Score Choice is an option the College Board makes available to its test-takers. The basic idea behind it is that if students take the SAT or SAT Subject Tests multiple times, they can opt to choose one result that they will send to schools--otherwise, schools will automatically receive a score report with all the results. The student then gets four free score reports. On the surface of it, this seems useful: a student can take the test multiple times and hide all but the highest score from colleges.
There are two catches, however.
For one thing, Score Choice sends scores from one entire sitting of the test, and doesn’t allow you to choose individual sections. Sometimes students’ scores will invert over two tests: a 640 on the Critical Reading, 700 Writing, and 700 Math may become 690 CR/710 W/650 Math--so how can you choose? You can’t, but with Score Choice, you have to. This makes Score Choice harmful to the application.
The second catch is that colleges are only interested in your best sub-scores anyway, so unless you have completely cratered on a test, there’s no particular advantage to hiding a score. And even if you do crater, you can enclose a note in your college application explaining why it happened (a migraine, a family issue, whatever), and schools will respect your request to disregard the score.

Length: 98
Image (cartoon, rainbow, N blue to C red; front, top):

Additionally, some colleges admissions department require all scores anyway (and others are test-optional now), meaning it doesn’t particularly help. Finally, it’s not often a good idea to take the test more than twice; most studies show that scores only go up marginally, if at all, between the second and third sittings. In all, we take the position that Score Choice, by encouraging students to take the test multiple times, is in large part a money-maker for the College Board, and is more likely to weaken a college application than strengthen it.
For more see the College Board’s Score Choice FAQ page.